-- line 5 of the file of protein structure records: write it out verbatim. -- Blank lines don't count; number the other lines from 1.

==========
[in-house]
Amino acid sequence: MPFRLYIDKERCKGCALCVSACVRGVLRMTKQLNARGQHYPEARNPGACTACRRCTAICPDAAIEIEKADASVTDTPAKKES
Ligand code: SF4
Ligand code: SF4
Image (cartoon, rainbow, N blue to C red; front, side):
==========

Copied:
Image (cartoon, rainbow, N blue to C red; front, side):